In 1929 John Jackson married one of his patients, Sara Robinson, who'd been working at Denver Fire Reporter as a bookkeeper and typist. It was Sara who began to recruit new clients while John ran his dental business. In three years Sara acquired more than 500 accounts, mostly going door-to-door. "I told people you better get [an alarm] soon because you might get knocked off tonight," she told the Rocky Mountain Business Journal in a 1982 interview. "I don't know where I learned such language, but I did real well and was the only salesperson for 25 years."

There was plenty of competition, but Stew Jackson says his folks gained the advantage with their attention to customer service. Old news clippings relate tales of derring-do from the Jacksons, who often hugged the nighttime shadows to case suspected prowlers. Sara once traveled alone to a warehouse the company was protecting and apprehended one of her own employees, a night guard, as he tried to loot the place. She told the guard never to show his face in Denver again.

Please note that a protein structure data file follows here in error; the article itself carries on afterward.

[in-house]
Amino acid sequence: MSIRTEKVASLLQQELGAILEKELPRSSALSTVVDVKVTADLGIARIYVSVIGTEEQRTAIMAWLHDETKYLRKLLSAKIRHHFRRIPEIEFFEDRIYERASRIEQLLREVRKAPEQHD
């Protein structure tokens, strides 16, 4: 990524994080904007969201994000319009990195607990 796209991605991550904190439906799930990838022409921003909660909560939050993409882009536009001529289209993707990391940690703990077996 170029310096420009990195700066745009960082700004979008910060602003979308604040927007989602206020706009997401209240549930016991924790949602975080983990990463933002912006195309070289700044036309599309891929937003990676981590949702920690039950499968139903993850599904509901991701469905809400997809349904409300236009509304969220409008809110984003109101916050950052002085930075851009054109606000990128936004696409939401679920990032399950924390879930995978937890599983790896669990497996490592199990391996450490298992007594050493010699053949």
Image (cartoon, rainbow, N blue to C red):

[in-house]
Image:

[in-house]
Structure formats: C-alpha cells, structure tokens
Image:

Stew Jackson rarely worked with his parents, though he did go around to businesses and turn off lights and crank up the awnings. Once he helped his dad catch two robbers breaking into a safe: He knocked on the back door, which sent the crooks running through the front door, where John Jackson, armed with a gun, apprehended them.

By the 1940s, the company was protecting more than 1,400 businesses. The manpower drain created by World War II forced the company to develop more modern, electronics-based systems, so Sara began studying electrical-engineering books and apprenticing with electricians to learn the ropes. DBA stayed ahead of the high-tech curve with an assortment of modern talismans such as wired doors, windows protected with foil, vents with electronic gates, and photoelectric eyes.